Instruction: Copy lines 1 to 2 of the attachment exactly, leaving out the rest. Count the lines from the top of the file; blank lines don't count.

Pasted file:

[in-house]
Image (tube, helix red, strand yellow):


[in-house]
Image (tube, helix red, strand yellow):